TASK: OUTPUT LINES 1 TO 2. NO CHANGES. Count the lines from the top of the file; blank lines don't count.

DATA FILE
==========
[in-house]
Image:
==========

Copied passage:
[in-house]
Image: